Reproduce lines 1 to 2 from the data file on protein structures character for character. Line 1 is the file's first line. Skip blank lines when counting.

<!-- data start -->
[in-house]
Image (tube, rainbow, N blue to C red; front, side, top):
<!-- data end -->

[in-house]
Image (tube, rainbow, N blue to C red; front, side, top):